[/vc_column_text][/vc_tta_section][vc_tta_section title=”Bikes” tab_id=”1600167651777-5d53c71d-8dd0″][vc_column_text]If you live in a large city, such as Milan you have to face a serious problem of automotive congestion in the downtown areas. Many people in Milan use a bicycle to solve the problem: to go for a ride or to get to work. It is easier to go by bike in Milan and you will not get stuck in traffic.

  1. Rent a bike with “Noleggio biciclette AWS”
  2. Bike Sharing in Milan

[/vc_column_text][/vc_tta_section][vc_tta_section i_icon_fontawesome=”fa fa-globe” add_icon=”true” title=”Visa and Entry” tab_id=”1556519507147-46f2e053-4044″][vc_column_text]

Italy is a member of the European Union (EU) and part of the Schengen Convention; therefore, the same conditions apply in Italy as in other EU member state. Below you’ll find information on the necessary documentation to travel to Rome and other parts of Italy: American citizens do not require a visa to enter Italy if they plan to stay under 90 days. However, your passport must be valid for at least six months after your planned departure date. Australian citizens planning on staying in Italy or any other EU member country for less than 90 days do not require a visa. As citizens of the European Union and European Economic Area, you will not need a visa to enter the country. Citizens of countries not previously mentioned will need to get a Schengen (short-stay) visa to enter Italy or any other EU country. For more information, we recommend visiting the official website of the Ministry of Foreign Affairs of Italy:  Ministero degli Affari Esteri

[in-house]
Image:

Scroll to Top

This Site Uses Cookies

We and our advertising partners use cookies on this site and around the web to improve your website experience and provide you with personalized advertising from this site and other advertisers. By clicking “Allow” or navigating this site, you accept the placement and use of these cookies for these purposes.

Don't Miss Out!

Our newsletter is full of the most important and exciting information that you need to know. From the latest trends to exclusive offers and discounts, our newsletter has got it all!

"*" indicates required fields

This field is for validation purposes and should be left unchanged.